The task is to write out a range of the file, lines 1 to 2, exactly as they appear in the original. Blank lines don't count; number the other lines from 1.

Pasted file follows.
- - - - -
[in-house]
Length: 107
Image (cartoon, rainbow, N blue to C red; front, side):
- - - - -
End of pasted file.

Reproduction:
[in-house]
Length: 107